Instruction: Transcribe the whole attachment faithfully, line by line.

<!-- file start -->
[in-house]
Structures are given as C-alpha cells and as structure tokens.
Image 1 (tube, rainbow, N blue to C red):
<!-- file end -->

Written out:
[in-house]
Structures are given as C-alpha cells and as structure tokens.
Image 1 (tube, rainbow, N blue to C red):